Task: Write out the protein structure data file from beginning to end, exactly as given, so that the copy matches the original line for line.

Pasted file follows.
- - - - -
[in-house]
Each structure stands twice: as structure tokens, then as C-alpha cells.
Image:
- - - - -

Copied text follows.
[in-house]
Each structure stands twice: as structure tokens, then as C-alpha cells.
Image: